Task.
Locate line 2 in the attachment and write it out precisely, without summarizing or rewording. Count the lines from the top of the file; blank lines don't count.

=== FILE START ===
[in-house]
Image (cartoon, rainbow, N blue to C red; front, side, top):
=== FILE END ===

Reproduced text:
Image (cartoon, rainbow, N blue to C red; front, side, top):